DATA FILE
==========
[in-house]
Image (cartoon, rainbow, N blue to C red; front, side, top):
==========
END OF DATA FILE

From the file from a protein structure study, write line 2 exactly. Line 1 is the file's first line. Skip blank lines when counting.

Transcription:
Image (cartoon, rainbow, N blue to C red; front, side, top):